I discovered Phil’s Red’s Kingdom blog through Kerfe Roig (Thank you, Kerfe!) – Phil hosts a group art prompt he calls The Kick-About which is fabulous for discovering new artists to love. I was inspired by the Kick-About #4 prompt, which was a short clip from Jean Cocteau’s “Orpheus”
This collage also came out of my surreal headlines experiment – it turned into a micro-poem I was happy with and also seems to me to capture the contradictions of the world right now.
As I mentioned before, I found all of this expired polaroid film cleaning out my father’s house – and some of it wouldn’t develop at all and just popped out with a solid tan “unexposed” background (see above). Some did develop…sort of. So during the lockdown I’ve been making collage/drawing on them and seeing where that takes me.
During the lockdown, I also started working through Ursula K. Le Guin’s Steering the Craft book of writing advice and exercises, trying to get more confidence in my writing. I’ve been posting my responses to those exercises over at Evening Satellite Publishing and if anyone wants to follow along or give feedback, I’d be most appreciative!
Exercise 1: Being Gorgeous
Exercise 2: Strong Emotion
Exercise 3: Am I Saramago
I hope everyone is staying safe and sane!
I dug out my monoprint and linoprint supplies from the closet yesterday hoping to start making monoprints again and found this linocut print of mine in an envelope. It was like greeting an old friend after a long absence! Many years ago I attended a seminar where fluid dynamics in regards to living organisms were discussed in detail and, as it is not my field of expertise, I began to doodle and free associate words – a bit of a surrealist exercise. This linoprint was the result.
Please stay safe and healthy and sane in these crazy times!
Before taking a big bag of newspaper to the recycling bin, I went through the last two months of Sundays and cut out a whole pile of headlines. I arranged some of them without regard to order on a recycled art card of mine and I found the result seemed to fit the mood of these chaotic and uncertain times. I hope everyone is staying safe and sane wherever you are.
in the desert
are tiny voices
the hunters of
It’s been a while since my last post – so I hope everyone is well and staying safe and sane during the lockdown. I will be gradually retooling this site to reflect where my life and art practice is at right now, so bear with me! (more…)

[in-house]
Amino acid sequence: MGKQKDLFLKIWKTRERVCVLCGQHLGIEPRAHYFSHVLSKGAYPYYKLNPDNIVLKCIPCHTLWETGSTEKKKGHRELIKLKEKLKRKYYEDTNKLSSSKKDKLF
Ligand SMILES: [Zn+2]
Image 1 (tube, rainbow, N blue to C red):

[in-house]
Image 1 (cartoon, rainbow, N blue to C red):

Heroin, cancer –
nothing could stop your prayer:
a saint of music.
The history haiku for today is to honor the birth of the legendary jazz musician John Coltrane (1926 – 1967). He struggled with addiction as a young man, and sadly, his career was cut short by liver cancer at the age of 40, but he had an outsized impact on jazz and music in general. Especially towards the end of his life, he believed his music had a spiritual dimension, one that transcended any particular religion and tended towards a universalism.
John Coltrane has made an appearance here on Illustrated Poetry before – in an illustration of the poem In Memoriam John Coltrane by Michael Stillman. I’ve posted it below (or click here to go to the original post from 2014). Have a great weekend!
For a few months, I commuted to work twice a week on a bus, and this one was overheard on one such ride. Although this was the first “overheard” I wrote down, it took me a while to draw it. The young man who was speaking was talking to another man across the aisle, although the two did not appear to know each other otherwise. The disappointment of the young man with his mother seemed to revolve squarely around his middle name – no other example of her “failings” was presented. Pen and watercolor pencil on paper by me.
To view the other “Overheards” in this series click on the title:
I Expected the Notary to be on a Unicycle
Meat and Potatoes, Myself
Have a great Thursday!
The month of May was a bit crazy over here in my life on the outside of Illustrated Poetry! I apologize to everyone who left me such awesome comments on my last post – I may be behind in responding to them, but know that they were read and much appreciated.
I used to feel bad that I doodled in meetings, but I’ve since read at least one article (like this one) that says that doodling is a method of concentration and synthesizing information. So I’m off the hook (a little). I am often pleasantly surprised what my mind comes up with when it’s supposed to be listening to something else. A very nice scientific presentation on spores resulted in the doodle above!
I hope everyone is well and I’ve been enjoying catching up with all of your blogs!